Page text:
Take a picture of a computer screen at a weird angle and AI will fix the orientation and perspective for you, resulting in a ready-made PowerPoint slide. AI will also pick the best photos and clips to stitch together into a 10-second highlight montage after a birthday party or what have you. With the new HiVision feature, you can point the camera at that friend's jacket you like, and it'll find retailer listings online, or at your lunch to see an estimate of calorie count and other nutritional information.

Huawei's P20 Pro is arguably -- or unequivocally, as DxO Mark is concerned -- the best cameraphone on the market right now. Obviously a quick play with the Mate 20 Pro doesn't tell the full story, but pictures look pretty damn good on its high-resolution display. The new super-wide-angle lens fits a lot more in the shot than the main 40MP camera, too. Needless to say, we expect extremely good things from the triple camera system when we get a chance to dive a little deeper.

While the camera is easily one of the biggest draws of the Mate 20 Pro, it's a serious flagship in every other sense, too. It's powered by Huawei's brand new octa-core Kirin 980 processor, for example, and its 6GB of RAM and 128GB of expandable storage are as much as anyone could really need. Naturally, Huawei's new EMUI 9.0 software, based on Android Pie, runs the show. According to the company, responsiveness and app load times are significantly improved compared with the last EMUI version.

The latest build also introduces a simpler settings menu and the next generation of GPU Turbo, which optimizes performance and decreases power consumption while you're gaming. Any specific claims regarding this behind-the-scenes feature need to be taken with a pinch of salt, though, as Huawei was recently caught cheating benchmark tests. There's a built-in password manager that stores usernames and passwords on the device (not in the cloud), so you can quickly log in to sites and services using your fingerprint or face, and a new digital wellness feature, too.

Similar to the Android and iOS takes on screen-to-life balance, this will report your usage back to you, let you set time limits on certain apps and turn the display monochrome when you decide to "wind down" for the day. PC projection, which is Huawei's version of Samsung's DeX mode, now works wirelessly, and the phone will act as a more useful touchpad with highlighting and screen-capture features.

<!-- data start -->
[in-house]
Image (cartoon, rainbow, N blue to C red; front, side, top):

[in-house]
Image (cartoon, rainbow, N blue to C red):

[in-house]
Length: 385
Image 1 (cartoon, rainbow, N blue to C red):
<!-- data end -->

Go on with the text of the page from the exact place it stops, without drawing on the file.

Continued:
Huawei Mate 20 Pro

The Mate 20 Pro's Kirin 980 chip is worth addressing in greater detail. To conserve as much power as possible, different cores are switched on and off depending on the task at hand. The cores with the highest clock speeds will only kick in to handle gaming, for instance, while more efficient, slower cores will keep things ticking over when the phone's idle. And that's in addition to the 7nm architecture, which improves performance and saves power by design compared with 10nm chips. Battery life should be above average, then, and the Mate 20 Pro has a large, 4,200mAh capacity to work with as it is.

I haven't even gotten around to the device's other top-end features like its in-screen fingerprint reader, Cat 21 and WiFi 802.11ac Wave 2 support, as well as an IP68 dust and waterproofing rating. Huawei's thrown absolutely everything at this phone and it shows that, in some respects, the company's no longer playing catch-up to the darling smartphone brands. If anything, the world's number-two phone manufacturer is leading the way with a few things you can't find anywhere else.

This time last year, we were left scratching our heads over the Mate 10 and Mate 10 Pro, because there were upsides to both devices. This generation, though, there's a clear separation between the two. The Mate 20 has a larger, 6.53-inch display with teardrop notch, but it uses an LCD HDR panel with a lower resolution (2,244 x 1,080) than the Pro. It also has a slightly smaller, 4,000mAh battery and slower, 22.5W fast-charging that'll boost you from dead to 58 percent in 30 minutes. The Mate 20 is also IP54 rated, so splashproof rather than full-on waterproof.

The most apparent compromise is in the camera department, however. The 8MP telephoto lens is only slightly different with 2x optical zoom instead of 3x, but the 40- and 20MP cameras have been swapped out for 12- and 16MP sensors, respectively. They serve the same purposes, mind: one wide-angle and one super-wide-angle lens. The Mate 20 also has a regular fingerprint sensor and, alas, it can't wirelessly charge other devices. If your budget doesn't stretch to the Mate 20 Pro, though, you'll still get many of the same core features, just without all the Pro's bells and whistles.

Update: The Mate 20 Pro will launch in several European markets, including the UK, on October 16th for €1049. The Mate 20 will arrive on the same day, retailing for €799 and €849 for the 4GB and 6GB RAM models, respectively.